A German cannabis flower harvester is said to drastically reduce costs and speed up cannabis cultivation.
German developer, HHH Hemp Harvesting Technology, said a cost analysis of field work in Germany, Switzerland and Luxembourg in autumn 2020, showed the company’s cannabis flower stripper reduced labor costs by 73 percent, when compared to traditional hand harvesting.
The model in question, the HHH 700, also cut down on the number of staff from 15 to only four workers required to run the harvester in “semi-stationary” operation.
The data is based on a system in which workers collect and then hand feed bushy plant stalks into the harvester’s stripper mechanism as a tractor moves the unit from one spot to the next in the field.
The HHH 700 can also operate stationary in farm buildings for indoor and greenhouse growers and can collect flowers from conventionally planted, straight-stem industrial hemp varieties while running through the field continuously.
The machine gently detaches cannabis flowers from the stalk and stems by a patented stripping mechanism. The flowers can then be collected in a bag or container.
In field operation mode for harvesting traditional hemp plants, the hemp stalks are left in the field for retting, but depending on plant maturity at the time of harvesting, it’s also possible to shake out the seeds.
“With industrial hemp we were 20 times faster than hand harvesting,” developer Heinrich Wieker said of the technology’s performance running through hemp fields last autumn.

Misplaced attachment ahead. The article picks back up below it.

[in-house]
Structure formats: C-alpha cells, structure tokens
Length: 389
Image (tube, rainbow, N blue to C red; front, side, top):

“With the bushy plants, it’s 12 times faster than picking the plants by hand.”
Wieker estimates the HHH reduces the time required for harvesting one bushy cannabis plant – hemp or cannabis buds – from three to five minutes to roughly 30 to 50 seconds.
Wieker, an engineer, started developing the machine after observing the laborious process of hand harvesting hemp flowers during a visit to the Czech Republic in 2015.
The visit left him not only “fascinated with the possibilities of hemp”, but with the realisation that expansion of the cannabis flower sectors is inhibited by the lack of a suitable harvester for small and medium size hemp farms, and the need to move beyond hand-harvesting to more economically viable harvesting methods.
Following four years in development, the HHHarvester was named winner of the European Industrial Hemp Association’s Hemp Product of the Year in June 2020.
Designed to be efficient for conventionally planted hemp and cannabis grows as small as five hectares (12.3 acres), the standard single-unit HHH can harvest up to two hectares (4.95 acres) per day in industrial hemp and 0.5 to one hectares (1.25 to 2.5 acres) in bushy crops
Wieker, who worked closely with manufacturing partner Eilhauer, a German specialised machine maker, in bringing the harvester to life, added: “Existing flower harvesters weigh 18 tons, cost more than €600,000, consume enormous amounts of fuel and are difficult to transport over longer distances.”
After starting manufacturing and construction of the HHH-700 with a focus on the European market, the company is now ready to address demand that has developed in the USA in 2021, Wieker said.
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